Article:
Monday, March 14, 2005

On that famous old debate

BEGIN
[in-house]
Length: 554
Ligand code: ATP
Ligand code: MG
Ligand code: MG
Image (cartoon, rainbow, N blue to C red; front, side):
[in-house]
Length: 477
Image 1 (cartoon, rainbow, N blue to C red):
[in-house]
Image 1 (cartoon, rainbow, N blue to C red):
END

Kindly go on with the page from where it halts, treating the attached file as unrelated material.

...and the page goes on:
If you're the type of person who enjoys bludgeoning other people with your theories, there's a great dicussion for you to join at Canadian Comment. It's already a couple of days old (and springs from an interesting essay written by Fred at Fred Columns), but it's still alive and kicking. The question, of course, is whether or not evolution is true. My own feeling is that Christians have been screwing themselves in this debate ever since William Jennings Bryan's Fundamentalist crusade against the teaching of evolution in American schools in 1925. Over the years, it's been more of a struggle for power than an honest pursuit of the truth, and Christians today would do well to check their egos (and their extreme opinions) at the door whenever they enter into this debate. On the same token, atheistic evolutionists need to stop confusing this debate over the one about whether or not there is a God. Intelligent design still works even if evolution is true. I 'm getting sick of hearing people saying that "evolution disproves God" or even "evolution disproves the Bible". The cosmology presented in the Hebrew Bible (the Christian Old Testament) is not meant to be taken literally, but rather, as a poem signifying the most basic precepts of Hebrew, Muslim and Christian faith - that God created the world (which is, therefore, a separate and lesser entity), and that He gave special status to humankind in this creation. The whole six-day thing simply offers a helpful structure to the poem (you'll notice that day 1 corresponds nicely to day 4, and day 2 to day 5, and day 3 to day 6), in the same way that one uses a 5-7-5 scheme when writing a haiku. As everyone knows, the purpose of poetry is not to instruct with random facts, but to convey deep truths that lie somewhere beneath the literal words.